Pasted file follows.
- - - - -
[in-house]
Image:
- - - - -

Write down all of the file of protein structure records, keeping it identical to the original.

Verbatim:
[in-house]
Image: